Research: Sound Discipline of Seattle published a great article this week that asks us to re-think the notion of disrespect in school and at home, distinguishing the concept of respect from that of obedience. They define obedience as “following the directions of an authority figure,” an act that is based in fear and results in compliance. By contrast, respect means “holding the other person in high regard” and considering their feelings, an act that is based in a cooperative relationship. In schools, they suggest that teachers and staff model self-regulation and respect, connect with students before asking anything of them/correcting them, and listen to their students. Click here for tips about how to practice respect at home.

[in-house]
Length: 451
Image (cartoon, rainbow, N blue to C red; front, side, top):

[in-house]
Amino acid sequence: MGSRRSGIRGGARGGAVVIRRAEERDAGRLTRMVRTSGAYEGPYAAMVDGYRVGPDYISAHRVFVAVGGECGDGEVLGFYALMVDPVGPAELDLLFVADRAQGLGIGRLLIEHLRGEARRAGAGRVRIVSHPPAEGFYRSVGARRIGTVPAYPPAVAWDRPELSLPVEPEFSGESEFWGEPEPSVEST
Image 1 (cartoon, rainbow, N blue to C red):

Practice: We don’t believe that children choose to be disrespectful. So when we see behaviors that could be interpreted as such we dig down to find what’s really going on. Something must be off for such behaviors to flare. Is the student being stretched too far in some way? Academically? Socially? Physically? Emotionally? Does the student connect with their teacher or their peers? We gather teachers together or call team meetings to problem-solve such issues and can change the student’s program to meet their changing needs at any time. Respect is a fundamental aspect of our program.